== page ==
Three researchers at a laboratory in Wuhan, China, apparently became sick with COVID-19 symptoms in November 2019 and sought hospital care, a US intelligence report found. Already rejected by the head of the lab and by Chinese authorities, the findings could still fuel further debate about the origin of the coronavirus pandemic.
First disclosed by The Wall Street Journal, the report was published by the State Department in January during the final days of the Trump administration. It said researchers at China’s Wuhan Institute of Virology, which studies pathogens, became sick in 2019 “with symptoms consistent with Covid-19 and common seasonal illness.”
The officials quoted by the US newspaper had different views about the strength of the supporting evidence for the report and didn’t know what the researchers were actually sick with. One person said the information came from an international partner and was significant but it needed further investigation and additional collaboration.
Yuan Zhiming, director of the Wuhan National Biosafety Lab, which is part of the Wuhan Institute of Virology, told Global Times that the report “is a complete lie” and that the claims are “groundless.” Meanwhile, Zhao Lijian, a spokesman for China’s Foreign Ministry, accused the US government of “hyping up the lab leak theory.”
Epidemiologists and virologists believe SARS-CoV-2, the virus behind the pandemic, first began circulating around the central Chinese city of Wuhan in November 2019, with China saying that the first confirmed case was a man who fell ill on December. China has repeatedly rejected that the virus escaped from one of its laboratories.
A major investigation by the World Health Organization (WHO) found in March that the pandemic probably emerged from markets in China that sold animals both dead and alive, describing as very unlikely the possibility of the virus escaping from a laboratory. Still, the findings aren’t conclusive and the WHO keeps all options open, although it did mention that the likelihood of the virus escaping from the lab is very low.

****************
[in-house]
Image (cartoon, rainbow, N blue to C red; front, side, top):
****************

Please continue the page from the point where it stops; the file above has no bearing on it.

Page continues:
Over 30 scientists from around the world participated in the investigation by traveling to Wuhan, where the pandemic started, and collecting data. They largely focused on the COVID-19 cases that happened in December 2019 and January 2020. Two-thirds of those who had symptoms in December had been exposed to animals, the researchers found.
The WHO team visited the laboratory in Wuhan and were told by the scientists that none in the lab had antibodies against SARS-CoV-2 – dismissing the possibility of someone there having been infected in an experiment. The researchers at the lab also said they hadn’t kept any live virus strains similar to SARS-CoV-2 and said everyone in the team had safety training.
While comprehensive, the report also had significant limitations as China refused to provide raw data on early COVID-19 cases to the WHO team. They had requested data on 174 cases that China had identified from the early phase of the outbreak in Wuhan in December 2019, as well as other cases, but were only provided with a summary, not the actual data.
WHO Director-General Tedros Adhanom Ghebreyesus said the researchers “expressed the difficulties they encountered in accessing raw data,” expecting that future collaborative studies can include “more timely and comprehensive data sharing.” He said the report wasn’t “extensive enough” and that further studies will be needed.
A spokeswoman for the National Security Council told The Wall Street Journal that the Biden administration still had questions on the origin of the virus and those plausible theories should be investigated. “We’re not going to make pronouncements that prejudge an ongoing WHO study into the source of SARS-CoV-2,” the spokeswoman said.
Earlier this month, a group of UK and US scientists called for more investigation to determine the origin of the pandemic. In a letter published in the journal Science, they said knowing how Covid-19 emerged is critical for informing global strategies to mitigate the risk of future outbreaks. All hypotheses must be taken seriously until there is sufficient data, they said.
Ultimately, without a “smoking gun” evidence showing exactly where the virus came from, it will be hard to put such theories to bed. But there is no guarantee that researchers will be successful in finding this missing evidence link.